Additive is the answer
04 November 2017
3D printing has moved from the margins to the mainstream and it is design and manufacturing companies that are really starting to benefit from the unique characteristics of additive technologies, enabling them to reduce the time it takes to bring products to market, says Matthew Aldridge, igus’ managing director.
For many years, 3D printing was viewed as something of a technological curiosity. The nature of additive manufacturing was so different to traditional subtractive technologies that it quickly caught the public’s imagination. 3D printing was everywhere: on TV, at exhibitions, in the national press. But after the initial fascination fell away, one primary question was being asked: 3D printing might represent a new way of making products, but when would it ever be used?
Indeed, 3D printing has suffered several false starts. Initially, the buzz was around the consumer sector. Millions of 3D models would be available on the internet, allowing home-users to replicate a plethora of parts. But predictions of a world where every home would be using the technology to print components such as mobile phone cases failed to come to fruition. In many cases, the unreliability of cheap, mass-produced consumer machines meant that the technology failed to live up to expectations – and consumer interested waned.
Gradually, over time, as the reliability of 3D printers improved and the quality of parts being produced got much better, it was the industrial sector that started to look at the true potential of additive manufacturing, with companies recognising that it could make quite an impact on product development processes. The ability to print prototypes directly from CAD data held the potential of fast, frequent revisions based on real-world testing and feedback. 3D printing offered manufacturers the chance to make quick, incremental improvements to their products, which would enable them to drive out inefficiencies and shorten time to market.
These days, 3D printing is a familiar process for rapid prototyping. And now, the development of more advanced engineering materials with which to print is starting to see it develop into a credible fabrication technique. Manufacturers can now access engineering plastics for their 3D printing, whether they want to print themselves or order parts from a supplier who offers printing as a service. They can produce prototypes in their design phase, real world test samples, or low volume, precision finished items – even 3D printed tools and injection moulds. Indeed, more and more requirements can be serviced using 3D printing and additive manufacturing fabrication techniques as more capable materials are developed.
Igus has been offering advanced engineering plastic filament for printing of real functioning prototypes for several years now. The iglidur filament works with any 3D printer that uses acrylonitrile butadiene styrene (ABS) plastic filament, however printed iglidur parts are up to 50 times more resistant to wear and tear. More recently igus introduced iglidur powders for selective laser sintering (SLS) printing. One SLS material in particular is now being used for the production of custom plastic gearwheels, giving excellent wear results when compared with traditional plastic gears.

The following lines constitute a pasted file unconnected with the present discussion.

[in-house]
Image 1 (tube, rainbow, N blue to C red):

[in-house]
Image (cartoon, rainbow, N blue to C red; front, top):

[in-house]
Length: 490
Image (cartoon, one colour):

The more hard-wearing nature of these 3D printed parts has attracted interest from engineers wishing to create structurally robust prototypes or small batch components for test in real-world situations. Being able to create real, useable components allows designers far more freedom in the creation of shapes for workable parts used in motion applications, such as in bearing locations. Alternatively, if a replacement bearing is required urgently, customers can download the appropriate design file from the igus website and print the part straightaway. For those who don’t have a 3D printer, a print service is also offered, enabling customers to upload the design file and order the part.
The next step up the 3D print ladder is producing 3D printed mould tools, which can be used to manufacture injection-moulded parts. This new service means designers can now produce small batches of parts, choose from a smorgasbord of 50 iglidur plastics, including materials for high load, food contact or high temperature applications.
3D printing mould tools brings many advantages, particularly around cost efficiency and speed of production. Using steel for such a process is expensive and technically laborious and only really suited for high-volume production. However, special tribo solutions can be produced with a 3D printed mould tool within 2 to 5 days, with an estimated cost saving of up to 80 percent.
Depending on the material chosen for injection moulding, the mould is either stereolithography or selective laser sintering printed and then used immediately in the injection-moulding machine. Thus, parts are ready for shipment within a few days. The material structure of the printed injection mould ensures that it can withstand the high temperatures during injection moulding, which from our experience means that one mould can produce prototypes and small batches up to 500 pieces.
It's clear, then, that 3D printing has moved from the margins to the mainstream. Indeed, according to research group Markets and Markets, the adoption curve is pointing sharply upwards, with the global 3D printing sector expected to reach a staggering £30.19 billion by 2022, at an annual compound growth rate of 28.5 percent between now and 2022. This sort of rapid expansion shows that 3D printing is no longer a technical curiosity. It has become an invaluable production tool for innovative companies and will continue to become an increasingly important means of streamlining product development processes.
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